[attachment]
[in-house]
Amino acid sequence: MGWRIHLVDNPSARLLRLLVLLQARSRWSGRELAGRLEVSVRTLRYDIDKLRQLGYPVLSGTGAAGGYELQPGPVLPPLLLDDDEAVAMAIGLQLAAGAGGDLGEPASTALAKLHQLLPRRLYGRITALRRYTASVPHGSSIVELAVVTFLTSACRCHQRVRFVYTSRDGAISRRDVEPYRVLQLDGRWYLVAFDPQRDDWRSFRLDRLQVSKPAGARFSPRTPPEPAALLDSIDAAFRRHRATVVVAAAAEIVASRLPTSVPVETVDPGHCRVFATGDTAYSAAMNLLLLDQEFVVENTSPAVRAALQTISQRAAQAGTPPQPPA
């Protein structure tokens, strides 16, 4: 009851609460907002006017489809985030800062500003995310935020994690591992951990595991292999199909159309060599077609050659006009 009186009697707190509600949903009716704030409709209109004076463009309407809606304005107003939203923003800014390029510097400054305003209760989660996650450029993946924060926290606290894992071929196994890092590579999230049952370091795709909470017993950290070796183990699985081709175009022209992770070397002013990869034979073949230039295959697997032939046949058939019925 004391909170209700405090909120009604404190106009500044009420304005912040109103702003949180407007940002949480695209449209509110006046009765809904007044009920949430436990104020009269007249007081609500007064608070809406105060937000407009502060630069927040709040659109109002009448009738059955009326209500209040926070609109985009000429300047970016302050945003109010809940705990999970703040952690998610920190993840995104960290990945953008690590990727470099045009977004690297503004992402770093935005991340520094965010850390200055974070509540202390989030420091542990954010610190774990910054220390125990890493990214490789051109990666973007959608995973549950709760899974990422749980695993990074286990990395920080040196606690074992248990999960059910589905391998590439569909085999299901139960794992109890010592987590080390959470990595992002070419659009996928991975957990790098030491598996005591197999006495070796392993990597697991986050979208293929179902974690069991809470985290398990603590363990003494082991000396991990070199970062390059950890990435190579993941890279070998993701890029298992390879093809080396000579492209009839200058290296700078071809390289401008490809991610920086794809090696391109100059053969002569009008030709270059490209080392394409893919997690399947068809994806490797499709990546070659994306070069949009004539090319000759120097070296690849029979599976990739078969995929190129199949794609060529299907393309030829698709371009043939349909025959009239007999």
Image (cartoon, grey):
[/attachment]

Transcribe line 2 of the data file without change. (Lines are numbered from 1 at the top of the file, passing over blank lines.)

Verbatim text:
Amino acid sequence: MGWRIHLVDNPSARLLRLLVLLQARSRWSGRELAGRLEVSVRTLRYDIDKLRQLGYPVLSGTGAAGGYELQPGPVLPPLLLDDDEAVAMAIGLQLAAGAGGDLGEPASTALAKLHQLLPRRLYGRITALRRYTASVPHGSSIVELAVVTFLTSACRCHQRVRFVYTSRDGAISRRDVEPYRVLQLDGRWYLVAFDPQRDDWRSFRLDRLQVSKPAGARFSPRTPPEPAALLDSIDAAFRRHRATVVVAAAAEIVASRLPTSVPVETVDPGHCRVFATGDTAYSAAMNLLLLDQEFVVENTSPAVRAALQTISQRAAQAGTPPQPPA